I am drawn back to the last days I spent with my mom. She lay motionless in the hospital bed with a meek smile. Her head bald from the unforgiving cancer & her stout 5 foot body bloated, pumped full of steroids. Still, she was more beautiful then I had ever seen her before. She was at peace with the end of her life. We discussed God & how she envisioned Heaven. It was glorious in her mind and she looked forward to seeing it.
Though she worried deeply about those she was leaving behind. She took my hand & told me how proud she was of what I had done with my life. I told her how I was sorry for being so self absorbed through the years & not considering her feelings more. There was nothing to be sorry for she consolingly stated. She was concerned about my salvation, as my relationship with God had been inconsistent. I promised her to make it more of a priority. I am currently on the path of honoring that promise.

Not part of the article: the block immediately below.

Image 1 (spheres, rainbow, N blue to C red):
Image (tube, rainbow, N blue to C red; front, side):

As I ended my conversation with my grandmother on this 3 year anniversary, I found myself saying “later”, not “goodbye” this time. Not because I believe this will prevent the inevitable end of my grandmother’s journey here on earth. But because I know it brings her comfort. Also, I believe that the last time I spoke to my mother, looked into her eyes & held her hand, it wasn’t goodbye. It was a promise to see her again once we leave this earthly world. A promise that gives me the hope I need to live here without her.
~ Teresa February 15, 2012
April 8, 2018
Since I wrote the essay above, my grandma Pearl has recently passed away. I did have the honor of reading it to her and my mom’s baby sister Sarah (who I am sad to say has also passed away very recently). It was a beautiful moment between us 3 women that I will cherish forever!
I presented a eulogy for my grandma and I incorporated the theme of “Later” into it. I know she would have loved it. I am also going to share that on here below.
My family has endured a lot of losses and 2018 has been especially cruel. I hold dearly to the belief that we will be reunited again someday. I am in no hurry but I know the day will be glorious!
Eulogy for Pearl
1937 – 2018